April 28, 2014
I know it may be hard to believe, but I think things are getting better on Metro-North.
Last week I finally met Joseph Giulietti, the new President of Metro-North. I found him to be very smart, quite candid and equipped with a reasonable plan to bring this railroad back to its once-deserved world-class status.
On May 11th a new timetable will become effective, aimed at achieving two goals: safety and reliability. The timetable will mean running trains on-time but still allowing for track and catenary work to keep the railroad in a state of good repair.
At a Commuter Forum in Westport, Giulietti was the first to admit that the railroad was in bad shape, that trains are running slower and later, often with standees. But unlike GM’s Chairman explaining delays in safety recalls and blaming it on “the old GM”, Giulietti is taking ownership of the problems. That’s refreshing.
Yes, trains are not on time (just 76% in February), but that’s because after the last May’s Bridgeport derailment the FRA issued speed restrictions on bridges and curves. The current timetable is, as one commuter put it in our recent survey, “more of a suggestion” than anything else.
So for the past months the railroad has been analyzing the entire timetable, looking at the reasons for every late train and being open to revising everything. The new timetable will rationalize the current running times, adding 2-4 minutes for trains between New Haven and Stamford, but cutting 2-4 minutes for runs from Stamford to GCT.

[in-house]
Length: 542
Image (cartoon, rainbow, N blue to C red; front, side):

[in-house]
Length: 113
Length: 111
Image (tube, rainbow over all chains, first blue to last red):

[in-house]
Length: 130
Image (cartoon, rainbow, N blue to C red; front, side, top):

That means that your 7:35 am train to work, usually arriving this winter at 7:40 or 7:45, may be rescheduled to arrive at 7:40 and, probably, will. This means you can plan your life with reliability and not be wasting time on the platform peering down the track.
The problem of standees on trains will hopefully lessen when people return to a routine commuting cycle and extra railcars will be provided on trains where ridership shows the demand for more seats.
The good news is that with increased reliability, we may also see greater frequency of service… 4 trains an hour in AM peak instead of 3, trains every half-hour off peak. Yes, the run may take a bit longer but you’ll have more options, always knowing the scheduled departure and arrival times will be achieved.
But is the railroad safe? Yes, insist both Giulietti and CDOT Commissioner Jim Redeker. But so too was airline safety / security after 9-11. And our bridges became safer after the collapse of the Mianus River Bridge 30 years ago. Even in the “land of steady habits” we hopefully learn from our mistakes.
We’re now about half-way through Mr. Giulietti’s 100 day plan to get Metro-North back on track. I, for one, am hopeful he will achieve his goals. But on day 100, June 11th, I’ll be checking the scorecard and seeing what he’s achieved versus what was promised.
April 14, 2014
If Metro-North was a student and commuters were its teacher, the railroad’s winter report card would be a D+ and the comment would be “needs to improve”.